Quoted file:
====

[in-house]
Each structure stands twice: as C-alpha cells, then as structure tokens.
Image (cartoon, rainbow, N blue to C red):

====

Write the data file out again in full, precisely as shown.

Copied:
[in-house]
Each structure stands twice: as C-alpha cells, then as structure tokens.
Image (cartoon, rainbow, N blue to C red):